Bay Nature magazineWinter 2020


Organizing for Resilience

The Bay Area open space community has an opportunity to reimagine itself

January 6, 2020

Think about the wildfires in Sonoma County this past October. Or the fires that ravaged the town of Paradise in November 2018. Or the fires that ripped through parts of Santa Rosa in October 2017. 

I bet you remember those fires viscerally. We remember the smoke, fear, and devastation. I hope you also remember how people helped one another while the fires burned and for months afterward as those communities recovered and healed. Donations of clothes flooded in; thousands of meals were cooked for people we did not know. We did more than send our thoughts and prayers. We rolled up our sleeves to help one another.  

Climate change is happening here in the Bay Area to all of us. There is certainly a dark side of climate change, but I believe there is also a bright side: an opening to usher in the change that our planet and society so desperately need. The opportunity, the gift, to be in community with our neighbors. And the urgent call for changing how we steward the land and connect people to it.

Remember, they are an exotic species in the Western United States, and are rapidly increasing their geographic range and range of habitats. Are they outcompeting or excluding native species in the process? How would we know? We have done almost nothing to monitor changes in the assemblage of mushroom species in areas before and and after the incursion of death caps.

Annie Burke is the executive director of this new regional coalition. Learn more at

This call is the reason we are launching a new regional coalition to champion and be the regional voice for climate resilient lands, water, and people in the Bay Area. While our roots are in the Bay Area Open Space Council (BAOSC), the new collaboration will be different.

It envisions a Bay Area that is home to healthy lands, people, and communities for generations to come. We want to adapt to and mitigate the impacts of climate change and to work for a more just and equitable society. This will be a large, diverse, and powerful team of nonprofits, public agencies, and indigenous tribes that serves all 8 million Bay Area residents in the 10 counties of the greater Bay Area.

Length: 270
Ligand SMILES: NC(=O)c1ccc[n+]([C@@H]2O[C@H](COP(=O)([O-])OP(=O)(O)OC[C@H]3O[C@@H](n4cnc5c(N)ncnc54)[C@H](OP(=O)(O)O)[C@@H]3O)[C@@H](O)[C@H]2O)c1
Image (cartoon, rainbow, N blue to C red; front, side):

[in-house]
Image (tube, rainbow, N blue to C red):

The common thread of this new and diverse coalition is a commitment to creating a Bay Area where land, water, and people can adapt, flourish, and thrive.

The common thread of this new and diverse coalition is a commitment to creating a Bay Area where land, water, and people can adapt, flourish, and thrive. Because all lands need to be cared for, our work will encompass urban, rural, private, and public lands. Because water is essential to life, we include watersheds from the ridgelines to the Bay. And because all people are affected by climate change, we will work on climate justice and social equity, acknowledging and celebrating our differences and working together toward shared goals. 

We aim to be transformative in order to catalyze 21st-century solutions in the region.

This new regional coalition will lead two programs. The top priority will be to advocate for regional funding and policies that promote and support climate resilient lands and people. Working at this level will enable us to have the deep and lasting impact we desire. The second program will build relationships across issues, organizations, jurisdictions, and the region. We will convene an annual summit, support and connect working groups, and share information regularly via digital communications. The first summit will most likely be held in autumn of 2020. 

Relationships built on trust are key to this new coalition. To quote The People’s Supper, a national initiative that builds relationships across political divides, “Social change moves at the speed of relationships. Relationships move at the speed of trust.” That principle will also guide our work to bridge the divisions in our region. 

This is an experiment that we launch with humility. We do not have it all figured out. The new coalition will need a name; goals for justice, equity, diversity, and inclusion; guidelines for the policies it advocates for; and much more. We are clear about our intentions and will need to work together, as a coalition, to manifest them. 

The new coalition is born from the Bay Area Open Space Council, and our effort stands on the shoulders of those who built the BAOSC. And we recognize that we need to change in order to meet today’s challenges and opportunities. 

Throughout 2019 we led a comprehensive process with the open space community and a diverse planning committee to reimagine the BAOSC after a financial crisis in 2018 (see my op-ed in Bay Nature’s winter 2019 issue for more about the crisis). The process included 360 online survey responses, nine stakeholder interviews, 146 attendees in four input sessions, six meetings of the planning committee, and hours and hours of conversations. We considered lessons learned from the previous 29 years of the BAOSC and focused our attention on what our Bay Area lands, waters, and people need today and moving into the future. 

Four BAOSC members supported the planning process: Marin County Parks, Midpeninsula Regional Open Space District, Santa Clara Valley Open Space Authority, and Sonoma Agricultural Preservation and Open Space District. The Federated Indians of Graton Rancheria provided critical funding and participated in meaningful ways. We are also grateful to East Bay Regional Park District, Peninsula Open Space Trust, and Save the Redwoods League for their leadership and financial support during the BAOSC’s transition. 

We are forming this coalition with an urgent hope, acknowledgment that we do not have all the answers, and openness to what is possible when different perspectives are valued and listened to. 

It’s a new day. Join us.

About the Author

Annie Burke is the executive director of TOGETHER Bay Area.